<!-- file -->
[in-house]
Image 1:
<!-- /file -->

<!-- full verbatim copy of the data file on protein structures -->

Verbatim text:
[in-house]
Image 1: